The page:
Friday, October 23rd, 2020, 13h00 - 16h00 UTC

2:00pm - 5:00pm London / 9:00am - 12:00pm New York / 6:00am -9:00am Los Angeles

Workshop organizers: Blake Richards, Claudia Clopath, Rui P Costa, Wolfgang Maass, Luke Prince, Arna Ghosh, Roy Eyono, Franz Scherr, & Martin Pernull

Does full-rank gradient descent accurately describe the dynamics of synaptic plasticity in biological recurrent neural networks?


BACKGROUND (1h20m): Cover experimental and theoretical background to learning in RNNs

  • Katharina Wilmes:​ Overview of the experimental evidence to date, and the unknowns

  • Blake Richards:​ Overview of temporal credit assignment in RNNs (Backprop through time, real-time recurrent learning) and why it is not biologically plausible

  • Rui Ponte Costa:​ Overview of alternative approaches to learning in RNNs, including echo state networks, three-factor learning rules, equilibrium propagation

-------- break (10m) --------

DEBATE/DISCUSSION (1h30m): Panel discussion with Blake Richards, Rui Ponte Costa, Cristina Savin, Wolfgang Maass, Katharina Wilmes:

Audience instruction: indicate your prior opinion here https://www.menti.com/tvpkhuu9ww

Prompt panelists with three viewpoints to outline their current positions:

  • Is it important for the brain to estimate gradients through time?

  • Are there potential biological mechanisms for estimating gradients through time?

  • If so, how localized is such information in the brain?

  • Is plasticity at recurrent synapses key to learning and memory throughout life?

  • Could evolutionarily pre-wired recurrent circuits be enough to support learning?

Q&A session with Audience

Paths to resolution, continued points of uncertainty, future research directions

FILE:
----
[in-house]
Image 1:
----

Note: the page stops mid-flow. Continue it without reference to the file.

Read more on OpenReview here: https://openreview.net/forum?id=lc_LE6gX2NQ

Full proposal here: https://openreview.net/pdf?id=lc_LE6gX2NQ

Do grid codes afford generalization and flexible decision-making?

>> link to recording <<

Friday, October 23rd, 2020, 16h30 - 19h30 UTC

5:30pm - 8:30pm London / 12:30pm - 3:30pm New York / 9:30am -12:30pm Los Angeles

Workshop organizers: Linda Q. Yu, Seongmin A. Park, Sarah C. Sweigart, Matthew R. Nassar, & Erie D. Boorman

Grid-like codes in the human entorhinal cortex (EC) have been proposed to take part in learning and representing structural knowledge, which enables efficient planning and model-based decision-making. However, it has not yet been established whether these grid-like codes serve to transfer learning and to generalize previous experiences for inferences in novel situations. Do grid codes provide consistent context-invariant representations of structural relationships or do they flexibly switch their reference frame according to the current task demand to plan/discover optimal decision policy? In this workshop, we will hear from speakers investigating generalization and grid codes from both theoretical and experimental perspectives, and aim to arrive at an understanding of the constraints, conditions, and potential transformations of grid codes in the human brain that would afford flexible generalization.

Points of controversy